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Equality Before the Law: Oration Delivered by Prof. J.M. Langston at the Fifteenth Amendment Celebration
        THE LAWS OF A NATION                land, or in any other Christian country
are no more the indices of its public       of Europe.  Nor is there any such dis-
sentiment and its civilization, than of     tinction made, to my knowledge, in the
its promise of progress toward the per-     whole body of the Roman civil law.
manent establishment of freedom and                 13TH AMENDMENT.
equal rights. The histories of the em-
pires of the past, no less than the na-       Among the changes that have been
tions of the present, bear testimony to     wrought in the law of our country, in
the  truthfulness  of this statement.       the order of importance  and dignity,
Because this is so, her laws, no less than  I would mention, first, that slavery abol-
her literature and science, constitute      ished, not by State but National enact-
the glory of a nation, and render her       ment, can never again, in the history of
influence lasting.  This is particularly    our country, be justified or defended
illustrated in the case of Rome, immor-     on the ground that it is a municipal
talized, certainly, not less by her laws    institution--the creature of State law.
than her letters or her arms.   Hence       Henceforth, as our emancipation has
the sages, the jurists, and the states-     been decreed by national declaration,
men of all ages, since Justinian, have      our freedom is shielded and  protected
dwelt with delight and admiration up-       by the strong arm of National law.
on the excellencies and beauties of         Go where we may, now, like the at-
Roman  jurisprudence.   Of the civil        mosphere about us, law protects us, in
law Chancellor Kent eloquently says:        our locomotion, our utterance and our
"It was created and matured on the          pursuit of happiness.  And  to this
banks of the Tiber, by the successive       leading and fundamental fact of the
wisdom of Roman statesmen, magis-           law, the people, and the various States
trates and sages; and after governing       of the Union, are adjusting themselves
the greatest people in the  ancient         with grace and wisdom.  It would be
world for the space of thirteen or four-    difficult to find a sane man  in our
teen centuries, and undergoing extra-       country who would seriously advocate
ordinary vicissitudes after the fall of     the abrogation of the 13th amendment
the Western Empire, it was revived,         to the Constitution.
admired, and studied in northern Eu-          In our emancipation, it is fixed by
rope, on account of the variety and ex-     law that the place where we are born,
cellence of its general principles.  It is  is, ipso facto, our country; and this
now taught and obeyed, not only in          gives us domicil, a home.  As in sla-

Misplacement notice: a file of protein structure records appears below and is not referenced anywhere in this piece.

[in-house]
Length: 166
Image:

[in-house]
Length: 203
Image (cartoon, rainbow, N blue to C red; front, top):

France, Spain, Germany, Holland, and        very we had no self-ownership, nor in-
Scotland, but in the islands of the         terest in anything, external to our-
Indian Ocean, and on the banks of the       selves, so we were without country and
Mississippi and the St. Lawrence.  So       legal settlement.    While slavery ex-
true it seems, are the words of d'Auges-    isted, even the free colored American
seau, that "the grand destinies of Rome     was in no better condition; and hence
are Lot yet accomplished; she reigns        exhortions, prompted in many instances
throughout the world by her reason,         by considerations of philanthropy and
after having ceased to reign by her         good-will, were not infrequently made
authority."  And the reason through         to him to leave his native land to seek
which she here reigns, is the reason of     residence and home elsewhere, in dis-
the law.                                    tant and inhospitable regions.  These
         CHANGES OF OUR LAW.                exhortions  did not always pass un-
                                            heeded, for eventually a national or-
  It is no more interesting to the pa-      ganization was formed. having for its
triot than to the philanthropist, to trace  sole  purpose  the  transportation to
the changes which have been made,           Africa of such colored men as might
during the last decade. in our legisla-     desire to leave the land of their birth
tion and law.   Nor is there anything       to find settlement in that country. And
in these changes to cause regret or         through the influence of the African
fear to the wise and sagacious lawyer       Colonization Society, not a few, even,
or statesman.  This is particularly true    of our  most energetic, enterprising,
since, in the changes made, we essay no     industrious and able colored men, not
novel experiments in legislation and  to    mention thousands of the humbler
law, but they are justified by princi-      class, have been carried abroad.
ples drawn from the fountains of our          It may be that, in the providence of
jurisprudence, the Roman Civil, and         God, these persons, self-expatriated,
the Common law.  It has been truth-         may have been instrumental in build-
fully stated that the common law has ing    up a respectable and promising
made no distinction on account of race      government in Liberia; and that those
or color.  None is now made in Eng-         who have supported the Colonization


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Equality Before the Law: Oration Delivered by Prof. J.M. Langston at the Fifteenth Amendment Celebration



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